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dc.contributor.author Statman-Weil, Zoé Larissa
dc.date.accessioned 2019-10-09T23:24:32Z
dc.date.issued 2019
dc.identifier.uri http://hdl.handle.net/10211.3/213708
dc.description.abstract Understanding potential disparities in communities’ compliance with the Safe Drinking Water Act (SDWA) will help managers effectively and fairly allocate finding for improving drinking water systems. This study investigated the relationship between socioeconomic status and race, and violations to the SDWA by community water system (CWS) in the state of Pennsylvania. The sociodemographic characteristics of the water systems were estimated using three different CWS-level spatial analysis methods (areal weighting, dasymetric mapping, areal interpolation) and a county-level spatial analysis method. Negative binomial regression was then applied to determine if these sociodemographic characteristics, and other water system variables, are associated with the number o f total and/or health-based SDWA violations. Conclusive evidence of environmental injustice in SDWA violations by race or class was not found; however, this study did determine that small, rural CWSs are likely to have more violations than other CWSs. This research demonstrates that the spatial analysis method selected for an environmental justice study can affect the results and conclusions of the research. en_US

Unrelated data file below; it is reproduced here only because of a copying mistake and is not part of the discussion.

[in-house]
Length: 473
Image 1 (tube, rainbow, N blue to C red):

dc.format.extent ix, 58 leavs en_US
dc.language.iso en_US en_US
dc.publisher San Francisco State University en_US
dc.rights Copyright by Zoé Larissa Statman-Weil, 2019 en_US
dc.source AS36 2019 GEOG .S73
dc.title Disparities in community water systems’ compliance with the Safe Drinking Water Act en_US
dc.type Thesis en_US
dc.description.embargoterms 6 months en_US
dc.date.embargountil 2020-04-06T23:24:32Z
dc.contributor.department Geography & Environment en_US
dc.description.degree Geography


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